If you have a conflict of interest, you must immediately disclose it in writing to your appointing authority (usually your department head) and to the Ethics Commission. RCH § 11-103. Forms are available from your personnel office or the Commission office or web site. Your department head and the Ethics Commission may discuss ways to resolve the conflict, such as removal from participating in any way in the decision making process and delegation of the issue to another qualified person.
Remember that Section 11-103 RCH requires public disclosure.
Let me suggest how these layers of apparently conflicting provisions can be reconciled.
First comes the charter provision, which mandates says the disclosure statement is a matter of public record. This is the process followed when members of the City Council declare conflicts.
Any elected or appointed officer or employee who possesses or who acquires such interests as might reasonably tend to create a conflict with the public interest shall make full disclosure in writing to such person’s appointing authority or to the council, in the case of a member of the council, and to the ethics commission, at any time such conflict becomes apparent. Such disclosure statements shall be made a matter of public record and be filed with the city clerk.
After the ethics commission receives a statement disclosing a conflict, it may take further action, including conducting an investigation, gathering documents, interviewing witnesses, holding hearings, etc. City ordinances and rules require those additional proceedings to remain confidential until a decision or opinion is rendered. But the rules do not, and cannot, override the charter provision as to the original declaration of conflict.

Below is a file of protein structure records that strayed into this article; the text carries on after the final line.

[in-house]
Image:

The original statement of conflict is public. The investigation will only become public as provided by commission rules.
Understood in this way, each of the provisions has its own place and there is no conflict.
However, one significant point remains to be made. The ethics commission rules of procedure contain an extremely broad confidentiality provision, as follows:
c. Pursuant to Section 3-2.3(g), ROH:
(g) Any individual, except as hereinafter provided, including the individual making the allegation, who divulges information concerning the allegation prior to the issuance of an advisory opinion by the Commission, or if the investigation discloses that the advisory opinion should not be issued by the Commission, at any time divulges any information concerning the original allegation, or divulges the contents of disclosures except as permitted by this ordinance, shall, if found guilty, be punishable by a fine of not more than $1,000.00 or imprisonment of not more than one year, or both, except that an officer or employee shall be subject to the provisions of Section 11-106 of the Revised Charter.
However, the underlying ordinance was amended following my successful challenge to a similar Campaign Spending Commission rule (see Lind v. Grimmer). The attempt to impose such a broad gag rule was rejected as unconstitutional by Honolulu’s federal court and by the 9th Circuit Court, and the U.S. Supreme Court declined to hear an appeal.
Note that the city ordinance was later amended to apply the confidentiality requirement only to commission members and staff, and not to “any individual.”
To avoid confusion, the commission’s rules should be similarly amended.
And so it goes on this easter sunday.